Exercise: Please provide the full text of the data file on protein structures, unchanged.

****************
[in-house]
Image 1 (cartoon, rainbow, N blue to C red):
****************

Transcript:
[in-house]
Image 1 (cartoon, rainbow, N blue to C red):